Every week, Daniel Mallory Ortberg answers additional questions from readers, just for Slate Plus members.
Q. Travel dilemma: Next year my niece and nephew, who live out of state, are graduating from college and high school. After years of counseling, their parents divorced last year. When I heard about the divorce, I told my niece and nephew that they could count on me as needed and also commiserated individually with my brother and sister-in-law. Last summer, my niece stopped talking to my brother. I have not discussed the issue with her, but my brother claims that it was based on a misunderstanding and that even her mother has advised her that the situation has gone on too long. She is very bright and sensitive, but tends to see things as black-and-white.
Since I don’t get to see my niece and nephew very often and realize that I will not see them much as they start on their own paths, I have been planning to take them on a trip out of the country as a combo Christmas/birthday/graduation present next year. I had mentioned the idea a couple of years ago only to my brother and sister-in-law, but have said nothing further to either of them. I had the idea recently to include my brother as well. He does not make much money, he has a big birthday next year, and I think that he would really enjoy it. The question, however, is how to do this considering the state of his relationship with my niece. Right now I get along well with my niece. (She voluntarily texts me periodically, which I consider to be pretty good for a busy college student.)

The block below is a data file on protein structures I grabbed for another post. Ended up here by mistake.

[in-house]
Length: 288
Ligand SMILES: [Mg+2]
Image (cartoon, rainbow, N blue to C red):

I won’t be seeing them until the Christmas holidays, which was when I intended to present the idea. I don’t want to say anything to my brother because it could raise his hopes but then have them dashed if my niece has a fit about the idea. Do I just give up the idea of bringing him along? Or should I try to discuss this with my niece, and if so how and when? I am not taking sides—I just want a nice experience with my family.
A: I think if you want a nice experience with your family, suggesting a vacation with two teenagers and a recently divorced parent that one of them isn’t speaking to is decidedly counterproductive. Their relationship is going to take time to heal, and the healing will have to happen between the two of them. Offering a gift of a free vacation that comes with the catch of going with your currently estranged father is going to feel like a trap. Maybe your niece is overreacting; maybe she isn’t. You don’t have her side of the story, and since she hasn’t decided to share it with you, it would be overstepping your boundaries to push her to reconcile with her father in time for a vacation. If you want to take the kids on a trip, by all means offer it; if you’d rather take them out to a nice lunch and take a trip with your brother instead, I think that would be a perfectly sensible use of your money too. But don’t try to use your generous gift as an opportunity to force a reconciliation.